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Johnny Manziel could be turning tide in favor of student-athletes, not NCAA

Missouri v Texas A M

Missouri v Texas A&M

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Updated: September 10, 2013 6:34AM



These are strange times in the world of major-college sports. Almost too strange to be believed.

On one side of a controversial divide are universities and the NCAA, which roll in dough spread on the backs of student-athletes.

On the other side are the young jocks themselves, who remain under the thumb of the NCAA and its prehistoric rules on amateurism.

Off by himself somewhere is Johnny Manziel, perhaps the most famous college athlete of his generation. But more on Johnny Football, Johnny Signball, Johnny Hancock — whatever you want to call him — in a bit.

If you’re like a growing number of fans around the country, your mind is opening to the concept of college athletes getting paid. Yes, over the table. That might be in the form of monthly stipends paid by schools. It might mean allowing players to charge fees for autographs or be compensated for the use of their likenesses in video games. Maybe it’s all of the above.

You’re also aware the NCAA’s public-approval rating is abysmal.

College football — yes, this is mostly about football — has been marketed into a multibillion-dollar industry, with television rights fees and merchandise sales soaring to previously unthinkable levels. The NCAA, at its core merely a governing body, developed quite a sweet tooth in recent years, gobbling a big ol’ piece of the pie through its online store, where jerseys and other “team” apparel can be purchased at premium prices.

Of course, none of this revenue trickles down into players’ bank accounts. Football players are better cared for than ever in many basic regards — training facilities, academic support, etc. — but, as their sport has boomed by every measurable, they’ve gotten the short end.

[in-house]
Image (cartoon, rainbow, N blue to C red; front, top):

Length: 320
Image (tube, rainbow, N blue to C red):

Back to Johnny Violin.

For its shoddy investigations and its wildly unpredictable enforcement rulings, the NCAA’s reputation was already shot. Then came the absurd confluence of the latest scandal involving Manziel — the Heisman Trophy-winning Texas A&M quarterback — and the latest example of blatant hypocrisy on the part of the NCAA.

Manziel, as you all know by now, is being investigated by the NCAA to determine if he autographed jerseys, helmets and other items for profit. According to ongoing reports by ESPN, Manziel might have done this sort of thing on a regular basis.

Terrible, right? But many folks seemed to be far more offended that, up until this week, the NCAA was profiting off the jersey numbers of Manziel and all of college football’s biggest stars.

Across the country, the top players are far more famous than ever, and their fame is clearly moving product like never before. As ESPN analyst Jay Bilas showed Tuesday in an all-out Twitter assault on the NCAA, the jersey numbers of Manziel, South Carolina’s Jadeveon Clowney, Ohio State’s Braxton Miller and many others were searchable by name at ShopNCAASports.com. That is, until humiliated NCAA president Mark Emmert had the search function deactivated.

“I think the business of having the NCAA sell those goods is a mistake,” Emmert admitted in a conference call with reporters on Thursday, “and we are going to exit that business immediately.”

It may have been a significant step in a player-friendlier direction. What’s really strange, though, is that Manziel has become the name and face of a cause.

Manziel’s a great quarterback. He also has made himself known to the public as a partier, a rabble-rouser, a desperate attention-seeker and, quite likely, as a brazen violator of NCAA rules. The very notion that he has taken any action on behalf of other college athletes is laughable.

Despite himself, Manziel — a football player who seems to have a career death wish — is turning the tide of opinion against NCAA rules on amateurism. And the NCAA already might have begun to loosen its grip.

Like we said, strange times.

Email: sgreenberg@suntimes.com

Twitter: @SLGreenberg



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